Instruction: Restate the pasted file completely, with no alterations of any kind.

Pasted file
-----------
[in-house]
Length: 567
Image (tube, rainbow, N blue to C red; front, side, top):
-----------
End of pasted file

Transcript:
[in-house]
Length: 567
Image (tube, rainbow, N blue to C red; front, side, top):